A friend of mine told me the story of how his car engine was destroyed after one of these oil changes. Apparently, they didn’t replace the oil filter well enough, and the car lost all of it’s oil while he was driving. Now the thing is a heap of junk sitting in some garage. The mechanics here also insist on changing the original spark plugs on cars with cheap Chinese knock-offs. The result is a drastic fall in the performance of most cars. Nobody has apparently told them that the spark plugs on most modern cars are rated for as many as 150 thousand kilometers! That is why I usually service my car on my own.

Available solar batteries

Anyway, enough about cars. Now, while doing research, I discovered that the following are the types of deep cycle batteries that are available for solar systems;

  • Flooded lead acid batteries.
  • Lithium ion batteries.
  • Sealed lead acid batteries
  • Gel batteries
  • Absorbed Glass Matte (AGM) batteries.

What are deep cycle batteries

All solar energy systems use deep cycle batteries. Deep cycle batteries are designed to be discharged to a greater depth than would be safe for automotive batteries. That’s not to say, however, a deep cycle battery can be fully discharged. In fact, you should probably use no more than 40% of the charge in a deep cycle battery if you wish to prolong it’s life. On the other hand, automotive batteries should only be discharged to a depth of no more than 10%. Now, let’s take a look at each of the types of solar batteries that are given above;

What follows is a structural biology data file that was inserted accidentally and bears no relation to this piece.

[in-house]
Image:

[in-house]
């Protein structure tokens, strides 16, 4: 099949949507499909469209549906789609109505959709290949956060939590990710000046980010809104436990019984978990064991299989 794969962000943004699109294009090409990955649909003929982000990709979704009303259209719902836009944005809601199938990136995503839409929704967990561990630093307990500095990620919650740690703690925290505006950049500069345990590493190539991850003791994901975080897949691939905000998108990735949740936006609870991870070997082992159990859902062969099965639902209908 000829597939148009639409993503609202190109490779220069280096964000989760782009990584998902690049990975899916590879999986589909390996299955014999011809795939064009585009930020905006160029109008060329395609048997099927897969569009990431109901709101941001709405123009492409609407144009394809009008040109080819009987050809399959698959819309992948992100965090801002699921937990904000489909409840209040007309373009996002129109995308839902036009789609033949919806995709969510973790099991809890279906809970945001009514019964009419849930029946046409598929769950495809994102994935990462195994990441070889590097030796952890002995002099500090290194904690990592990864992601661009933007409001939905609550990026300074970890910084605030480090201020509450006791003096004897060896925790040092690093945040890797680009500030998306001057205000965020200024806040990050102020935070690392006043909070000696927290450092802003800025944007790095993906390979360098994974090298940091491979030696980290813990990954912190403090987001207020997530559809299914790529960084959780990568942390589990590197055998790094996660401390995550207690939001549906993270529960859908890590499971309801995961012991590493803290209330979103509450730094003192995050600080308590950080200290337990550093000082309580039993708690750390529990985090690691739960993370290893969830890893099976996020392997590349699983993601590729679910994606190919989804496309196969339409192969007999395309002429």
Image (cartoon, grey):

1. Flooded lead acid batteries

These are the most common type of battery that can be found on the market (for both automotive and solar). They are usually the type of battery that can be found in cars. Now, flooded deep cycle lead acid batteries have been around for quite some time. And they remain fairly reliable. They are also one of the cheapest type of solar battery that you will be able to find on the market today.